This happens so often, and yes – it’s because you’re trying to let us know you aren’t judging and identify with having a ‘tough day’. We get that. But, here’s the thing: your son or daughter crying for 2 minutes because they can’t buy a toy isn’t the same as when we have to pick up our 9 year old and physically carry them out of the store in hysterics simply because their shoe won’t stay tied or having to pull over to the side of the highway to handle a meltdown because “the seatbelt is touching my neck”.
8. Can’t you just talk to him/her about their behavior?
ADHD and other neurological disorders can’t be “willed” away. While an adult may be able to control the outward signs of their ADHD after years of practice, a child is often helpless to the unordered whims of their mind. When my son is in the middle of one of his meltdowns, he isn’t actually thinking – he’s feeling. He’s reacting to something he has no control over. He says, “My mind is arguing with me”, and having talks about that won’t change his feeling of helplessness. That requires methods, time, and – in our case – medication.
9. Just let them cry it out. You can’t let them win all the time.
If I had a quarter for every time someone said, “If he starts getting upset, just leave the room. Don’t entertain that behavior!”. This isn’t a temper tantrum over not getting a second cookie.
While a neurotypical child will eventually get bored and stop crying once they realize a) they won’t win and b) they don’t have an audience – children with ADHD and other disorders don’t have that “off” switch. Mainly because they aren’t doing it to get a reaction from the adult.
They are honestly distraught, sometimes confused. That doesn’t go away simply because they are alone. Leaving can sometimes make the episodes worse, feeling as if they have been abandoned or that “no one cares”.
10. You’re spoiling him.
“Pick your battles” is something heard often in our house, and I suspect many other homes like ours. We often have to choose between being “right” and watching a child crumble. We also have to think into the future: how will this affect the rest of the day. One meltdown can change the child’s mood for the rest of the day.
Example: We get dressed at 8:00 am for school. One morning he wants 5 extra minutes to finish his coloring page. While those 5 minutes do bend the rule, is it worth a possible meltdown? It can make him more sensitive to daily triggers and be the deciding difference between a good day at school or sitting in the principal’s office. Which is more important?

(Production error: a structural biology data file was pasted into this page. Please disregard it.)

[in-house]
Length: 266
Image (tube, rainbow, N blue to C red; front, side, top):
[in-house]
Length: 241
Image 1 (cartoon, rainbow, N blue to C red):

We aren’t spoiling – we are weighing the consequences.
So what CAN you say? Plenty!
- There are so many treatment options these days. I hope you find the one that works for you.
- I can’t imagine how hard it must be, but I’m here if you need to talk.
- I’m sorry you guys are having a hard day. Is there anything I can do to help?
- I can watch your cart for you, if you need to step away for a moment.
- I think you’re doing a great job.
- (offer a smile or a hug)
You can also just say what you’d say to any other parent: So good to see you! Let’s grab coffee sometime. Have you seen that new movie? etc.
What most ADHD parents want most is to be seen and treated like every other parent. We’re already spending so much of our time in a different world of control, balance and prevention. We don’t need to be reminded of the trials our children are dealing with. We already know. Just talk to us. Say hello, offer a smile.
If you see us having a difficult time with a meltdown, know that we’ve been here before. We’ve got this. But, we need space. It’s not that help offends us, we know you mean well. But, another person coming into the situation often makes it worse. It disrupts the methods we have in place for a situation like this.
While this article deals with parents of children with ADHD, it’s a good rule of thumb to avoid these topics when it concerns any neurological or sensory disorder. Remember: a simple smile goes a long way.